Title IX Coordinator
Frequently Asked Questions
of the Education Amendments of 1972,
392-190-060 require each school district to designate at least one employee who is responsible for monitoring and coordinating the district's compliance to the law.
Title IX is a civil rights law which makes it illegal to discriminate against someone based on their sex. All recipients of federal funds (including schools) must comply with this law. The Office of Civil Rights within the Department of Education is charged as the enforcing agency for Title IX.
RCW 28A.640 is Washington state’s version of Title IX. OSPI is charged as the enforcing agency for this law, and has developed rules and regulations to ensure compliance. These rules are found in WAC 392-190.
NEW! A new state law was passed in 2010,
chapter 28A.642 RCW, which prohibits discrimination in Washington public schools based on race, creed, religion, color, national origin, sexual orientation including gender expression or identity, veteran or military status, the presence of any sensory, mental, or physical disability, or the use of a trained dog guide or service animal by a person with a disability. OSPI adopted final rules to implement this law in April 2011. The designated employee for each district is responsible for coordinating compliance with these new rules. Get the final rules and more information
State law has additional requirements for compliance for school districts. These include:
- Conducting a student athletic interest survey every three years.
- Annually self-evaluating athletic programs.
- Stricter provisions for single-sex classes.
- School districts must submit an annual Equity Assurance Report to OSPI via
iGrants. Go to the application:
iGrants, Package 447.
- Ensure that all students, employees and parents/guardians are notified that you are the Title IX Coordinator.
- Ensure that the district’s nondiscrimination policy statement is updated and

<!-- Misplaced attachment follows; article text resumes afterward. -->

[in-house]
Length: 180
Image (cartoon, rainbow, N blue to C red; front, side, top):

- Monitor overall implementation of
RCW 28A.642 RCW, and WAC 392-190. This
includes receiving and responding to allegations of complaints and conducting
Essentially, it is an assurance that students and employees will be treated fairly and your
district will not discriminate against persons based on a protected class. It is also a promise
that complaints alleging unfair treatment will be given due process as required by law.
nondiscrimination statement. NOTE: Your name and contact information must also be included in this announcement. (Name, address, phone number and email)
You must continually notify your employees and beneficiaries, participants and students of
all your programs and activities.
Additionally, parents, applicants for any education programs, applicants for employment,
sources you use to recruit applicants, and union and professional organizations holding
collective bargaining or professional agreements with your institution must be continually
notified of your policy of nondiscrimination.
Title IX states that you must prominently include your policy of nondiscrimination in each announcement, bulletin, catalog, application form, brochure and other materials or publications that are distributed to those persons mentioned above. This means a policy statement must be clearly visible.